Cancer survivor fighting for funds

  • Survivor: Randy York won his battle against prostate cancer. Now he is raising funds to help others win their fight against cancer. (Photograph by Lisa Simpson)

    Survivor: Randy York won his battle against prostate cancer. Now he is raising funds to help others win their fight against cancer. (Photograph by Lisa Simpson)

  • Candle light: cancer survivors and those who lost their battle will be remembered during Relay For Life's Luminaria Ceremony (File photograph)

    Candle light: cancer survivors and those who lost their battle will be remembered during Relay For Life's Luminaria Ceremony (File photograph)

Randy York is no stranger to serious health problems — he battled to beat prostate cancer three years ago and survived a brain abscess aged 16.

The 45-year-old is now taking part in Relay for Life to raise funds for Bermuda Cancer and Health Centre in an attempt to help others to win their fight against the disease.

Mr York said: “It's for people to come together, to support each other, to draw that positive energy to deal with the cancer or their disease as best they can.

“There are also the financial benefits that go towards Bermuda Cancer and Health because without the fundraising, they would not be able to give cancer treatment to people who can't afford it or don't have insurance.”

Mr York added: “It's stressful enough dealing with the disease, but to deal with the financial aspects on top of that is even more devastating.”

Mr York, who will walk with the Bermuda Public Services Union in this year's event, took part for the first time last year as a solo entrant.

He said: “Since I was dealing with cancer myself, I thought it would be a great opportunity to meet people that were also dealing with cancer.

“Interestingly enough, when I went, there were actually a few people there who I wasn't aware were dealing with cancer.”

Mr York, an information desk assistant at Bermuda National Library, will take part in the survivors' lap and walk again after sunset.

He will also attend the Luminaria Ceremony, in which candles are placed in paper bags to honour survivors and remember those who lost their fight against the disease.

Mr York said: “There are a lot of poetry readings. The only lights illuminating the track are the luminaria bags. It's a very humbling, emotional experience.”

Mr York discovered he had prostate cancer in 2015 after his doctor found a nodule during his annual medical exam — he had missed one or two yearly check-ups.

Tests later showed he had double the normal prostate-specific antigen levels for his age and a biopsy came back positive for cancer.

Specialists pushed him to deal with it immediately but Mr York decided to go against their advice.

He explained: “I was researching to see the treatments out there and then I wanted to be mentally prepared for the treatment I wanted to go for.”

Mr York developed blood poisoning after a second biopsy in September 2016 and took it as a sign to deal with the cancer.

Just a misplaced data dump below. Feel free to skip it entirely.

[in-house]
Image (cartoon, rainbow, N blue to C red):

The tumour was removed in Boston in March 2017 and he was released from hospital the next day.

He returned to Bermuda about two weeks later and has been doing well since.

The cancer has not spread and he goes for regular check-ups.

Mr York explained that it was not his first health scare — a brain abscess in his teenage years almost killed him.

He said: “It was touch and go for me. I actually had to learn to walk again because I had been off my feet as my body was so weak.

“I had to go to physiotherapy and my left side was paralysed for a short while. Then everything went back to normal.”

Mr York added: “When I found out I had cancer, I had a feeling that I was going to be all right. I accepted it.

“It's about accepting what has been dealt to you and just trying to proceed forward from there and remain positive.”

Mr York also emphasised the importance of annual health checks for men and a prostate exam at 40.

He added: “If you have a history in your family, you should be checked before 40. And you have to go every year.”

Mr York said his doctor believed he had the cancer since he was 40.

He added: “That shows the importance of getting checked.”

Relay for Life returns

Cancer survivors and those who lost their lives to the disease will be honoured this week as Relay for Life returns for a fifth year.

The 24-hour walking fundraiser for Bermuda Cancer and Health Centre will kick off with an opening ceremony and survivor's lap, followed by the Luminaria Ceremony after sunset.

The Luminaria Ceremony, sponsored by professional services firm PwC Bermuda, will see volunteers place hundreds of lit luminaria bags around the track as participants walk in silence.

Sheena Young, PwC Relay for Life Team Captain and committee member, said: “The Luminaria Ceremony is an important part of the Relay for Life, serving as a poignant reminder.”

Arts and craft supplies will also be available at two tents for families to decorate and personalise their luminaria.

Other items for sale will include reef-safe, non-toxic sunscreen, fresh fruit and a glow in the dark nail polish station.

Relay for Life starts at 6.30pm tomorrow at the North Field of the Bermuda National Sports Centre.

For more information, visit

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Published May 17, 2018 at 8:00 am (Updated May 17, 2018 at 10:16 am)

Cancer survivor fighting for funds

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